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Spider Silk's Optical Properties Could Further Medical Device Development

Pristine silk fiber integrated into a photonic chip. The fiber connects three light-holding disks. When light is injected into one of the disks, it propagates along the silk to the other two. (Image courtesy of Nolwenn Huby)

Research conducted by scientists at Tufts University (Boston) and the CNRS Institut de Physiques de Rennes (France) demonstrates that natural silk could be used to manipulate light. The Tufts team is using the information they have gathered to create proteins that rely on silk's optical properties for implantable sensors, while the Rennes team is using pristine, natural spider silk to guide light through photonic chips. This work could eventually lead to the development of silk-based biosensors and implantable medical imaging devices.

Silk is famous for being one of the strongest fibers in nature, in addition to being biocompatible, biodegradable, and durable. However, the material has also been found to be a manipulator of light, which can travel through silk almost as easily as it flows through glass fibers.

Led by biomedical engineer Fiorenzo Omenetto, the Tufts group is developing silk-based materials that look like plastic but retain the optical properties of pristine silk. His team is exploring the possibilities of using silk to integrate a technological component with living tissue. "We're thinking of how to scale up [production], how to interface with current technology," Omenetto says. He hopes some of the more 'gadget-like' fruits of his labor will be commercially available within the next five to 10 years.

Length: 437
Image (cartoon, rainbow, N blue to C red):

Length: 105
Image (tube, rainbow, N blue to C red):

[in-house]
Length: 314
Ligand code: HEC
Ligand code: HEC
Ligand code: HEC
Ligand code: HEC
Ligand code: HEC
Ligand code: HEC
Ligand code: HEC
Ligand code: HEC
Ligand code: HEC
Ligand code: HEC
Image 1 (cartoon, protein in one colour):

As a light guide, silk works in a way comparable to glass microfibers that carry light within a chip. However, spiders produce silk that is ready to use, while glass microfibers have to be heated to high levels and carefully sculpted. Led by physicist Nolwenn Huby, the Rennes team integrates silk into circuits. By integrating real spider silk into a microchip, the researchers have found that the material is able not only to propagate light but also to direct, or couple, light to selected parts of the chip. Huby hopes that this work can be used to create biosensors that can detect the presence of a molecule or the activity of a protein.

As a result of its research, Huby's team hopes to develop devices for use by biologists and medical professionals. In addition to serving as a component in biosensors, spider silk could also provide a light source for taking pictures inside the body. Because of its great strength, natural silk might be able to convey light into the body through a very small opening, providing a less-invasive way to perform spectroscopy-based imaging or chemical diagnoses.

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